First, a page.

Measures to Reduce Risk upon Separation
March 9, 2021
By: Colin A. Walker
It is important for employers to take precautions to ensure that departing C-Level executives do not engage in misconduct which could harm the business. Companies should immediately shut off access to computers, databases, email, and other systems. Some companies assign HR, security, or other personnel to watch the departing executive pack up personal affects, without misappropriating company property, and then escorting the executive out of the office. This may be embarrassing to the executive or the company, but, in an acrimonious separation, it may be prudent, particularly if there is reason to believe that the employee has engaged in misconduct.
Where stakes are high or misconduct is suspected, the company should consider retaining a forensic computer consultant to make sure that the executive’s access to company systems has been terminated and to investigate the executive’s activities in the days leading up to the separation. Skilled professionals may find evidence of misconduct, such as emailing trade secrets to a personal email account, excessive use of flash drives or similar media, unusual printing activity, or other events in close proximity to the separation that may suggest misappropriation. This could allow the company to take evasive measures to avoid or reduce harm from misconduct or gather evidence for litigation against the departing executive.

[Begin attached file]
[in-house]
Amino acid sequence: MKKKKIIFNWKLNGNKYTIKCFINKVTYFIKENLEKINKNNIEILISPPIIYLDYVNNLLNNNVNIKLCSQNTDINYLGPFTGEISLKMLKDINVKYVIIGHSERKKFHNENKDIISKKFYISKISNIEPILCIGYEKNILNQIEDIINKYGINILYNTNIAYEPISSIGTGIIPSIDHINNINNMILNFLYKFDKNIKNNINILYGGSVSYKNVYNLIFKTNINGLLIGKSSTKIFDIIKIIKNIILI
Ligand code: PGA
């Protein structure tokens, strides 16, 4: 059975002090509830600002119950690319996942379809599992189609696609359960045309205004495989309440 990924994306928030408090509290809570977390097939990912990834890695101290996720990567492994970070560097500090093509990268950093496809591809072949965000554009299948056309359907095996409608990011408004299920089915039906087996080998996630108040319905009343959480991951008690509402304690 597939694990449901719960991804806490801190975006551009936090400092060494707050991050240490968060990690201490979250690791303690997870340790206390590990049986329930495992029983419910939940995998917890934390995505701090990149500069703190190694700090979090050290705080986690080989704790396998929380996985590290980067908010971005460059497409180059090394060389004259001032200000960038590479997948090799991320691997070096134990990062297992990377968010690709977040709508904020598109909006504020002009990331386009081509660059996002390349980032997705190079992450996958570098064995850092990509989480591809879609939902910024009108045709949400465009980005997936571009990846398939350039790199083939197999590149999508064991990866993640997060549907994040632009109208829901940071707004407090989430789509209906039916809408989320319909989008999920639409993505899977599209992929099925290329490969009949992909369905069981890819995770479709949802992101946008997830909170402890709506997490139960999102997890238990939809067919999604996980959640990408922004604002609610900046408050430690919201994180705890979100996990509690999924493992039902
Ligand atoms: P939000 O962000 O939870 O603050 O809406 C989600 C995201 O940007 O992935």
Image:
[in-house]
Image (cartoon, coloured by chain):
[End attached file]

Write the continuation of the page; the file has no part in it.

Forensic computer professionals can also be helpful in amicable separations. In cases where the executive may have legitimately accumulated company information at home or on personal devices, perhaps while on vacation or sick leave, a computer professional can ensure that the information is permanently deleted from the executive’s devices. Typically, the professional will, with the consent of the executive and the company, review the device, locate the information, and either return it to the company or permanently delete it using special software called “wiping” software.
When the relationship between a C-Level executive and an employer ends, the issues are often more complicated that most separations. Both parties should carefully consider the issues surrounding the separation and take appropriate measures to avoid disputes or prepare for litigation if disputes cannot be avoided. The next post will address a separation from the perspective of a C-Level executive.